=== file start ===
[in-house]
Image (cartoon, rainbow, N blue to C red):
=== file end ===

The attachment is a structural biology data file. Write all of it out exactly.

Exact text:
[in-house]
Image (cartoon, rainbow, N blue to C red):